Heavy Rains and New Cedars: Is It a Problem?
Southern British Columbia has had more rain than usual lately. If you are worried about the new cedars that you just planted, fear not. Newly planted cedars need a lot of water, and not giving them enough water is typically a bigger problem than giving them too much.
When it rains, not all that water is going to your trees roots. Some of it runs off, some of it evaporates, and lots of it waters the ground around the tree. If we assume that you planted your trees in good quality soil, that soil should have good drainage, and any extra water will drain away into the water table.
Obviously, if you are living in one of those tough areas where there has been significant flooding, that’s a different story, and you will have to wait and see what happens. If trees are uprooted, they will need to be replanted.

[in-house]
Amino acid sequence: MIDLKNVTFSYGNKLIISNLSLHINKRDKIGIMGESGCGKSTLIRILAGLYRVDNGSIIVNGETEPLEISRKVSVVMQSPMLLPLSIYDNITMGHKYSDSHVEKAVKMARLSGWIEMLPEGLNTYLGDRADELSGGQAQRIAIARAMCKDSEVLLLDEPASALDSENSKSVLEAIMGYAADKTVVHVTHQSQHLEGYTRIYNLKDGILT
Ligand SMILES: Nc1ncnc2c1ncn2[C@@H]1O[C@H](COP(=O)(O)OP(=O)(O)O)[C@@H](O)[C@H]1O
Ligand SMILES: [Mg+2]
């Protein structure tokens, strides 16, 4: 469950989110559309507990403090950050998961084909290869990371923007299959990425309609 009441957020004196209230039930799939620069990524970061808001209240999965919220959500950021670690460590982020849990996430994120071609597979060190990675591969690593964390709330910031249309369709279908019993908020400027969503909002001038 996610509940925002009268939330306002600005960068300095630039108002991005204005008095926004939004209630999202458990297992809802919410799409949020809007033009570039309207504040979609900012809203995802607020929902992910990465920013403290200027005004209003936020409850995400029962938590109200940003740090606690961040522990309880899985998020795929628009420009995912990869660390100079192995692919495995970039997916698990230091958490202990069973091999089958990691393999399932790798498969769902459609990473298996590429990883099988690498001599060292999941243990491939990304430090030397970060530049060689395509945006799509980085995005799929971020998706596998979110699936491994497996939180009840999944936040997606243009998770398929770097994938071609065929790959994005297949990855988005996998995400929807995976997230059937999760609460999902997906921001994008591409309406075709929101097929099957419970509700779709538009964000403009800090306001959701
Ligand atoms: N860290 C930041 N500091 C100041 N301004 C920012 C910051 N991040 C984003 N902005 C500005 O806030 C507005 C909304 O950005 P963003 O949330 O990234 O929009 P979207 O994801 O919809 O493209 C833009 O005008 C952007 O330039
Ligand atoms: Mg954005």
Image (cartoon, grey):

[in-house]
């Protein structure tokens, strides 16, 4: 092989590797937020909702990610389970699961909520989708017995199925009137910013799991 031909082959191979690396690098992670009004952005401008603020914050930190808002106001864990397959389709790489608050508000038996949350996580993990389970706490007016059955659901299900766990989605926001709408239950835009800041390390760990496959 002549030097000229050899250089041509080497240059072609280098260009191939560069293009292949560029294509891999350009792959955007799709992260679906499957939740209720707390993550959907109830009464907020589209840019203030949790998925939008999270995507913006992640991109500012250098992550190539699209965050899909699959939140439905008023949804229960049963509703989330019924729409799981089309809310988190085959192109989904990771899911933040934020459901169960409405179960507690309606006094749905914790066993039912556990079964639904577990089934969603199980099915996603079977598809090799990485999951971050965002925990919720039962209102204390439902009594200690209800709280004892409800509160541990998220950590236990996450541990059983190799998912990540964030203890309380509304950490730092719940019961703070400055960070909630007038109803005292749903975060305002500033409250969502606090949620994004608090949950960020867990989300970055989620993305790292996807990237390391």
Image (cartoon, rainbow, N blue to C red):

For the rest of us, if you are just seeing a lot of rain, don’t worry about your new trees. The cedars like having damp roots, and they continue growing in the winter. Until the ground freezes, be more preoccupied with the new cedars having enough water rather than too much.
If you have bought cedar tree from us, don’t hesitate to call us at (778) 241-5664, and we would be happy to answer any questions and reassure you. This is the time of year that our ground replenishes and readies for the dry season next summer. Steady rain right now is a good thing for your cedars.
Pacific West Cedars, based in Langley, British Columbia, farms, supplies, and installs cedar hedging on the Lower Mainland. They offer two kinds of cedars plus boxwoods: Western Red Cedar (Thuja plicata), and Emerald Cedars (Thuja occidentalis “Smaragd”). They work with landscapers, contractors, and also directly with the public.
If you have any questions about this article or would like to talk to us about cedars, we encourage you to call us at (778) 241-5664.